However, rail chiefs admitted the move is designed to reduce the need to order replacement buses.
Under the scheme, launched today, ScotRail passengers will be offered alternative travel on First Glasgow buses, if "severe disruption" affects selected rail routes out of Glasgow Central and Glasgow Queen Street.
ScotRail bosses said if the new system proves successful, the train operator will consider expanding it to other stations and routes.
A ScotRail spokesman said: "If severe disruption affects selected rail routes ticket-holders will be able to exchange rail tickets for vouchers for use on the appropriate First Glasgow bus service."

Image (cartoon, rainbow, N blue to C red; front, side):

Steve Montgomery, ScotRail's Managing Director, said: "I hope the trial will reduce the need for us to order replacement buses. It can take up to an hour for these to reach Glasgow city centre – or even longer during bus peak travel times."
ScotRail today also welcomed figures which reported no alcohol- related arrests on services during Christmas and New Year.
This was the first year that festive revellers were prevented from consuming alcohol on its trains between 9pm and 10am.
The operator and British Transport Police thanked rail passengers for their response to appeals to stay safe on the rail network.